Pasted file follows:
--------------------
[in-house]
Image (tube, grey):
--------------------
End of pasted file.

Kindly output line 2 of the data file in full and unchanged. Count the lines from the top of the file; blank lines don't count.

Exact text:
Image (tube, grey):